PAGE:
Latvia will support EU steps in response to decisions in Georgia that are incompatible with EU values - Foreign Ministry

  • 2024-06-03
  • LETA/TBT Staff

RIGA - Latvia will support the European Union (EU) steps that will demonstrate the EU's reaction to the decisions in Georgia that are incompatible with the EU value system, Diana Eglite, press secretary of the Ministry of Foreign Affairs, told LETA.

She notes that the ministry has expressed regret over the adoption of the ''foreign influence'' law in the final reading of the Georgian Parliament, despite persistent domestic and international calls, including the veto of the Georgian President and the opinion of the Venice Commission.

Eglite stressed that last year the EU opened its doors to Georgia by granting it candidate status, but the decision to adopt this law takes Georgia away from its EU integration course.

The Foreign Ministry Spokesperson stressed that on May 27 in Brussels, the foreign ministers agreed that the European External Action Service would propose possible ways forward for the EU in its relations with Georgia following the adoption of the law.

The AFP news agency reports that Georgia's parliament voted on Tuesday to adopt a divisive "foreign influence" law targeting NGOs and the media, overcoming a presidential veto on the bill despite Western warnings the move could jeopardize the country's path to the European Union.

The law, which critics have compared to repressive Russian legislation used to silence dissent, forces groups receiving at least 20 percent of funding from abroad to register as "organisations pursuing the interests of a foreign power."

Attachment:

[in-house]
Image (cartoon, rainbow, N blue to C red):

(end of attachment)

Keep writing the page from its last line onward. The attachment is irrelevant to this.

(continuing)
The proposal has drawn fierce opposition from Western governments including the United States, which said the measure risked "stifling" freedom of expression in the Black Sea Caucasus nation.

Brussels warned the measure was "incompatible" with the ex-Soviet republic's longstanding bid for EU membership, which is enshrined in the country's constitution and supported -- according to opinion polls -- by more than 80 percent of the population.

Lawmakers voted 84 to 4 to pass the bill on Tuesday, after overriding pro-EU President Salome Zurabishvili's veto.

Most opposition MPs walked out of the 150-seat chamber ahead of the vote.

The EU said that it deeply regretted the law being adopted, and foreign affairs chief Josep Borrell said the bloc was "considering all options to react to these developments.